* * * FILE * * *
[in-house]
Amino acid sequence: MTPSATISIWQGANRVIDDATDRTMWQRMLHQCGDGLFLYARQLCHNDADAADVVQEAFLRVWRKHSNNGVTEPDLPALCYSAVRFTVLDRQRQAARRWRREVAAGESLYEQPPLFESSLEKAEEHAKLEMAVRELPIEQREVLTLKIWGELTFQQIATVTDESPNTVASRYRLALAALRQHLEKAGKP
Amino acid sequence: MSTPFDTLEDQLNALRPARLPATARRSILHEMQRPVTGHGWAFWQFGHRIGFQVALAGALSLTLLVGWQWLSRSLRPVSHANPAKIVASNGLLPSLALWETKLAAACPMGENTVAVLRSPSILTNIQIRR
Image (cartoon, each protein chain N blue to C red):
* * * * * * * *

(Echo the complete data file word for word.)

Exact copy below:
[in-house]
Amino acid sequence: MTPSATISIWQGANRVIDDATDRTMWQRMLHQCGDGLFLYARQLCHNDADAADVVQEAFLRVWRKHSNNGVTEPDLPALCYSAVRFTVLDRQRQAARRWRREVAAGESLYEQPPLFESSLEKAEEHAKLEMAVRELPIEQREVLTLKIWGELTFQQIATVTDESPNTVASRYRLALAALRQHLEKAGKP
Amino acid sequence: MSTPFDTLEDQLNALRPARLPATARRSILHEMQRPVTGHGWAFWQFGHRIGFQVALAGALSLTLLVGWQWLSRSLRPVSHANPAKIVASNGLLPSLALWETKLAAACPMGENTVAVLRSPSILTNIQIRR
Image (cartoon, each protein chain N blue to C red):